Where Are They Now: Sara Reuss, MS '17
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Where Are They Now: Sara Reuss, MS '17

Sara ReussWhen Sara Reuss, MS ‘17, CLVT, was in high school, her mother would force her to volunteer every summer at the Nebraska Center for the Education of Children Who Are Blind or Visually Impaired, a school in Nebraska City, Nebraska.

That’s where Reuss got her first taste of helping visually impaired and blind students, although she had decided at that point her career path would be a Physician Assistant (PA).

But after graduating from the University of Nebraska with a degree in anthropology and pre-health, Reuss’ mother passed away, so she decided to take some time off to figure out what she really wanted to do.

While continuing to apply to PA schools, the Nebraska Center had an opening in its residential program and Reuss thought she would give that a shot. That’s where she met Melissa Sadler, an Orientation and Mobility (O&M) specialist. 

“She was really inspiring and I thought O&M sounded like a really great job,” Reuss said. “You can work with students in the school, you can go out into the community, and teach in all these great environments.” 

In addition, the center’s superintendent, Sally Schreiner, also told Reuss that Nebraska had a shortage of O&M specialists and encouraged Reuss to explore that as a career path. Schreiner had also forged a relationship with the Blindness and Low Vision Studies (BLVS) program at Salus University and with help of Fabiana Perla, MS ‘93, EdD, COMS, CLVR, chair of the Salus BLVS program, started a cohort in Nebraska. 

Reuss working with patient to navigate stairsThat was all it took. Reuss was now headed down the O&M path. 

“One of the things that I really loved about Salus is that it worked with me to accelerate my program because the instructors thought I could handle the classes. They gave me a pretty good caseload, so I was able to complete my program in two years while working a full-time job,” said Reuss. “The other thing about Salus is that if you have a dream place that you want to go or something that you want to learn, they’re going to help you do it.” 

One of her dream places was the Helen Keller National Center on Long Island, New York. The summer before her 2017 fall graduation, Reuss was able to work at the Keller Center under the mentorship of Eugene Bourquin, BS, MA, DHSc, a renowned expert in the O&M field and an adjunct professor at Salus.

Jamie Maffit, MS ‘06, COMS, CLVT, even came out to New York for Reuss’ observations. Her guidance and love for the profession[4]  helped Reuss continue her academic career at Salus and add on the CLVT to her repertoire. 

Sara Reuss walking with a Guide DogReuss would eventually land right back where she started, taking a job as an O&M specialist at the Nebraska Center for the Education of Children Who Are Blind or Visually Impaired. During her first year there is when she continued her education and added her CLVT certificate.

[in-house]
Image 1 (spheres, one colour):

Reuss wanted to attend Hines Veterans Administration (VA) Hospital in Chicago for its CLVT (Conventional Low Vision Rehabilitation) program, and Kerry Lueders, MS ‘99, COMS, TVI, CLVT, assistant professor and director of the Low Vision Rehabilitation Program and Programs for Teachers and Children with Visual and Multiple Disabilities at Salus, helped pave the way. Reuss became only the second Salus grad to complete a low vision internship at Hines. 

The Nebraska native hopes to stay in her current position for a while and since her home state has an O&M shortage for adults that may be part of her future path. But, she likes what she does and where she does it, working with students from ages three to 21. 

“I think a lot of my future involves advocating, hopefully some research and maybe even writing papers on the different instructions I’ve seen for students with multiple disabilities. That is a very low-served population and is oftentimes neglected when it comes to O&M,” she said.

But there’s no question that the educational foundation she received at Salus — the diversity of the classes that gave her a holistic approach to education — has served her well to this point.

Sara Reuss Hines VA“It didn’t really matter what age that person was, Salus really taught us how to take that person as a person, assess them and come up with customized plans,” she said. “We really got a background in techniques and we worked through multiple manuals to tell us how to use whatever technique you wanted to use. But it always came back to the person as a whole and having to customize things for them.” 

That toolbox of information and resources, Reuss said, has served her — and will continue to serve her — well throughout her career. 

“When you’re out in the field and you’re able to apply it all, I didn’t feel stressed at all when I started my job at the center,” she said. “I knew that Salus had prepared me and I also knew that if I needed anything I could contact them at any time and have someone to ask immediately for suggestions.”

If you'd like to share your story, contact us at communications@salus.edu.